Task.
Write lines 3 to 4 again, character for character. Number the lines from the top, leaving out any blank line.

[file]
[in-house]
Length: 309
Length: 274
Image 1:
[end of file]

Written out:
Length: 274
Image 1: